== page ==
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CriticalThinker2000 last won the day on May 23 2016

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  1. My experience with MJ in small amounts is that it sort of dulls the conscious mind and allows things to flow very freely from the subconscious. If I know/understand a topic well and have it integrated within my subconscious, I can write very easily and freely on the topic. In Rand's The Art of Fiction (or is it Non-fiction I'm thinking of?), she gets into the conscious/subconscious a bit. She describes the phenomenon that occurs when she's really writing well. I would describe it as being 'in the zone'. For example, if she has integrated the characters into her subconscious and is writing dialog between characters, she does not have to explicitly think about what each character would say in such a situation. It simply flows out without thinking about it. That's not to say she doesn't have to go back and meticulously edit the dialog, but the point is that when you're 'in the zone', the dialog simply flows from the subconscious. For people that have experience with computer programming, you have probably been in a similar state where you do not have to think about exactly what code to write, so long as the problem being solved is not too complex. It sort of just flows out. Small amounts of MJ seem to actually do a good job of facilitating this state. Large amounts at a given time is a completely different story. I find that my conscious and subconscious go to crap. I will write weird and nonsensical things, and worse, it's difficult to even tell that if it's nonsense or not when fully focusing on the content in question. Also, I have found that if MJ is used regularly, the positive effects lessen over time. It's very easy to take a tolerance break and get those effects back though. If you keep smoking all week next week too, I think you'll find that it becomes a lot more difficult to be productive. You wake up groggy, and if you go to bed after smoking, the sleep is never good. As far as retaining new information while high, I found it to be extremely difficult.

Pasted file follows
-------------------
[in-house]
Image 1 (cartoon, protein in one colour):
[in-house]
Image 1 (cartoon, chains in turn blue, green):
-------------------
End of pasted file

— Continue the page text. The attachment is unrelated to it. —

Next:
2. I don't think that it's comparable to proving a negative. It's impossible to prove that something is infinite because an infinite object has no bounds which means it has no identity. Proof itself is premised on the law of identity and so 'proving the existence of infinity' means using the law of identity to show that the law of identity does not exist. With respect to proving a negative, one is never required to disprove a claim to knowledge when there is no evidence for the claim because a lack of evidence means that the 'knowledge' has no known basis in reality. The two things are both wrong to do but it doesn't seem like the reasons why are the same.
  3. Isn't this the analytic-synthetic dichotomy at work? A stake is being driven between concepts and their referents.
  4. By Saudi I meant the Saudi government and by Islamic totalitarianism I meant the ideology that justifies the imposition of a global caliphate. It was a sincere question that I believe is intelligible to the average person on this forum.
  5. Aren't the Saudis providing financial support for the spread of the Islamic totalitarian ideology?
  6. I got it, I just haven't responded because I've been thinking about it. I think it's the most important and original contribution to this thread.
  7. Those "rights" are obviously in contradiction. The right to life is a freedom of action and the right to education is not- it's a right to be given a product of someone else's effort. A right to be given education means that the right to life is violated. How do you square this?